The second part of the code example is the Web page. It contains a declarative reference to an EditorZone control, with a child <zonetemplate> element that contains declarative references to an AppearanceEditorPart control. Also, the page references the custom WebPart control, using a Register directive for the assembly, and the <aspSample:TextDisplayWebPart> element for the control.

<%@ page language="c#" %>
<%@ register TagPrefix="uc1" 
  TagName="DisplayModeMenu" 
  Src="DisplayModecs.ascx" %>
<%@ register tagprefix="aspSample" 
  Namespace="Samples.AspNet.CS.Controls" 
  Assembly="TextDisplayWebPartCS" %>

<html>
  <head id="Head1" runat="server">
    <title>
      Text Display WebPart with AppearanceEditorPart
    </title>
  </head>
  <body>
    <form id="form1" runat="server">
      <asp:webpartmanager id="WebPartManager1" runat="server" />
      <uc1:DisplayModeMenu ID="DisplayModeMenu1" runat="server" />
      <asp:webpartzone id="zone1" runat="server">
        <zonetemplate>
          <aspSample:TextDisplayWebPart 
            runat="server"   
            id="textwebpart" 
            title = "Text Content WebPart" />          
        </zonetemplate>
      </asp:webpartzone> 
      <asp:EditorZone ID="EditorZone1" runat="server">
        <ZoneTemplate>
          <asp:AppearanceEditorPart ID="AppearanceEditorPart1" 
            runat="server" 
            Title="Edit TextDisplayWebPart Properties" />
        </ZoneTemplate>      
      </asp:EditorZone>
    </form>
  </body>
</html>

The third part of the code example is a custom WebPart class named TextDisplayWebPart, which is referenced in the Web page. For the code example to run, you must compile this source code. You can compile it explicitly and put the resulting assembly in your Web site's Bin folder or the global assembly cache. Alternatively, you can put the source code in your site's App_Code folder, where it will be dynamically compiled at run time. For a walkthrough that demonstrates how to compile, see Walkthrough: Developing and Using a Custom Server Control.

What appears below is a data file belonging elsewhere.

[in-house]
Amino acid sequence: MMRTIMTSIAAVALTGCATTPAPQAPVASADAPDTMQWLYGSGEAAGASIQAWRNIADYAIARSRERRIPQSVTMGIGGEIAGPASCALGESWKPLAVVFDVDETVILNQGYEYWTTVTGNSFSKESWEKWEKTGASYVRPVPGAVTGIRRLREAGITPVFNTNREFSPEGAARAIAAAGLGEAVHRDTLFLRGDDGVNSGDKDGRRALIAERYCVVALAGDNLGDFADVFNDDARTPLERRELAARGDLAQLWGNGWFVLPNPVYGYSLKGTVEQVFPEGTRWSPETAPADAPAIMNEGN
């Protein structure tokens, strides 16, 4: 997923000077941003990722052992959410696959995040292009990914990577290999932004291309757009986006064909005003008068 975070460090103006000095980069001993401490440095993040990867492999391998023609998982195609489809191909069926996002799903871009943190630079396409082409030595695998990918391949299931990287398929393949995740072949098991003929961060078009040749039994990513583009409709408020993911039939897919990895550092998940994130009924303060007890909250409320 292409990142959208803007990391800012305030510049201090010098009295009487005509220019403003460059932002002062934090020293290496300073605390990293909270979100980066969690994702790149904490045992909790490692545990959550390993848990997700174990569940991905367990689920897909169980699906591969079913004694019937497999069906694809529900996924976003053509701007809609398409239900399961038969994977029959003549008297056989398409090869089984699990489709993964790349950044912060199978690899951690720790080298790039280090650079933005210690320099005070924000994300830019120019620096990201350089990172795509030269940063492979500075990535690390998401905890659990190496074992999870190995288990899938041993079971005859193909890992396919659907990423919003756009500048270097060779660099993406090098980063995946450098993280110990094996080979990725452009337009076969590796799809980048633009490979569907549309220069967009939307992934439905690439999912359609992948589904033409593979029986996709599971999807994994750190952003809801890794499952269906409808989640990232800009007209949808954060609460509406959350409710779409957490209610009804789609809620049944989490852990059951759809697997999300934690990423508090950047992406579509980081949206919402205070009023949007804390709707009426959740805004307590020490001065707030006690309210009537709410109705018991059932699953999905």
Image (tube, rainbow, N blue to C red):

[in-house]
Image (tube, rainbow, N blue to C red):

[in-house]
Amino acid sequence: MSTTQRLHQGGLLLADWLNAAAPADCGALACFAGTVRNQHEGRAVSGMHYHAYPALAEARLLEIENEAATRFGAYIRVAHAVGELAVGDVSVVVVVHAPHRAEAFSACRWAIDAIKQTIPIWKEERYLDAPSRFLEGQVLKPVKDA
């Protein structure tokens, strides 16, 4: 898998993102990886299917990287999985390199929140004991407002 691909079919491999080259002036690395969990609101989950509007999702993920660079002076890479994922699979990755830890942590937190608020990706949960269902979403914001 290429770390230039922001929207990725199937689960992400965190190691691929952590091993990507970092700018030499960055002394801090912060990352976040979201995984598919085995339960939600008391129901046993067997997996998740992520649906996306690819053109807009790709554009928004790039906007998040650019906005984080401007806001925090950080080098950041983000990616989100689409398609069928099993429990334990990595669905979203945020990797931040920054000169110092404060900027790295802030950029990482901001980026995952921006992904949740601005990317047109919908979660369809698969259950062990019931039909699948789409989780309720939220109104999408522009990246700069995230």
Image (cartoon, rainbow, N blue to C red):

using System;
using System.Collections;
using System.ComponentModel;
using System.Drawing;
using System.Security.Permissions;
using System.Web;
using System.Web.UI;
using System.Web.UI.WebControls;
using System.Web.UI.WebControls.WebParts;

namespace Samples.AspNet.CS.Controls
{
  [AspNetHostingPermission(SecurityAction.Demand,
    Level = AspNetHostingPermissionLevel.Minimal)]
  [AspNetHostingPermission(SecurityAction.InheritanceDemand,
    Level = AspNetHostingPermissionLevel.Minimal)]
  public class TextDisplayWebPart : WebPart
  {
    private String _contentText = null;
    TextBox input;
    Label DisplayContent;
    Literal lineBreak;

    [Personalizable(), WebBrowsable]
    public String ContentText
    {
      get { return _contentText; }
      set { _contentText = value; }
    }

    protected override void CreateChildControls()
    {
      Controls.Clear();
      DisplayContent = new Label();
      DisplayContent.BackColor = Color.LightBlue;
      DisplayContent.Text = this.ContentText;
      this.Controls.Add(DisplayContent);

      lineBreak = new Literal();
      lineBreak.Text = @"<br />";
      Controls.Add(lineBreak);

      input = new TextBox();
      this.Controls.Add(input);
      Button update = new Button();
      update.Text = "Set Label Content";
      update.Click += new EventHandler(this.submit_Click);
      this.Controls.Add(update);

    }

    private void submit_Click(object sender, EventArgs e)
    {
      // Update the label string.
      if (input.Text != String.Empty)
      {
        _contentText = input.Text + @"<br />";
        input.Text = String.Empty;
        DisplayContent.Text = this.ContentText;
      }
    }

  }
}

When you load the page in a browser, you can select Edit Mode in the Display Mode drop-down control to switch to edit mode. You can click the verbs menu (the downward arrow) in the title bar of the TextDisplayWebPart control, and click Edit to edit the control. When the editing UI is visible, you can see the AppearanceEditorPart control. If you make some changes in the editing UI and click the Apply button, you can use the Display Mode drop-down list to return the page to browse mode and see the full effect of the editing changes.

System.Object
   System.Web.UI.Control
     System.Web.UI.WebControls.WebControl
       System.Web.UI.WebControls.Panel
         System.Web.UI.WebControls.WebParts.Part
           System.Web.UI.WebControls.WebParts.EditorPart
            System.Web.UI.WebControls.WebParts.AppearanceEditorPart
Any public static (Shared in Visual Basic) members of this type are thread safe. Any instance members are not guaranteed to be thread safe.

Windows 98, Windows 2000 SP4, Windows Millennium Edition, Windows Server 2003, Windows XP Media Center Edition, Windows XP Professional x64 Edition, Windows XP SP2, Windows XP Starter Edition

The .NET Framework does not support all versions of every platform. For a list of the supported versions, see System Requirements.

.NET Framework

Supported in: 2.0
Did you find this helpful?
(1500 characters remaining)
Thank you for your feedback

Community Additions

ADD
Show:
© 2014 Microsoft. All rights reserved.